Posted by Molly Rockett on September 22, 2015
By Robert Buderi
The pressure is on in Canadian politics for a new, better, form of electoral representation. Both of the two major opposition parties, the New Democratic Party (NDP), and the Liberal Party, have recently announced their plans to completely change the federal electoral system should they be elected.
While many voters in Canada and the U.S. (which uses the same system) do not focus much on the type of electoral system used in their country, the system has a massive impact on the value of their votes and who wins election. The current system used to elect legislatures in Canada uses is winner-take-all plurality, known in Canada as “first-past-the-post.” In this system the electorate casts ballots indicating a single choice for their most preferred candidate and whichever candidate wins a plurality of votes (the largest number of votes) wins the seat, irrespective of whether they are the first choice of the majority of voters.
Winner-take-all plurality is actively excluding millions of voters from representation every Canadian election. Many districts (called “ridings” in Canada) are contested by four or five candidates. In a riding with 5 candidates, a politician could win only 35% of the vote, but win the election. This would mean that 65% of voters in that seat preferred a candidate other than the winner and are not represented in Parliament. The leader of the Liberal Party Trudeau himself was elected with only 38% of the vote in his riding, Papineau. Across each riding in the country, this adds up. In the 2011 Federal Election, the Conservative Party obtained only 40% of the national vote, but won 54% of the seats in parliament. This put in place a majority Conservative Party government and Prime Minister for whom 60% of voters voted against. Indeed in every recent federal election, the winner-take-all system ensures that around half of all votes cast do not count toward any representation in parliament.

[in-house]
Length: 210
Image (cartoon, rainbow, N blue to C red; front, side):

Unsurprisingly many (especially young) Canadians have become increasingly disillusioned with the political process. Voter turnout has been “falling steadily” in a “prolonged” decline over the last three election cycles. Given the number of wasted votes (estimated to be just under half in 2011), those who feel as if their votes do not count have good odds of being completely right
What are the current plans for electoral reform?
Both the NDP and Liberal Party have a lot of planning and research to do before finalizing the details of their proposals for a new electoral system. The Liberals policy is to commission a select committee of parliamentarians from all parties to develop the exact proposal, which would be released within 18 months of a Liberal victory. Based on prior policy proposals by the Liberal Party, it is likely that the new system would include ranked choice voting; in which voters rank choices so that most votes end up counting even if a voter’s first choice loses.
The NDP likely favors the establishment of an Mixed Member Proportional (MMP) system--the system used in Germany and New Zealand. MMP would give electors two votes, one for a local representative, and another for a prefered party. The goal would be to facilitate local representation, but also to allocate seats proportionally to parties based on percentage of popular support nationwide. There are still many details to be worked out and a long way to go before either party is ready to legislate reform. Yet, the fact that both major opposition parties are running on a platform of reform is a big deal in and of itself.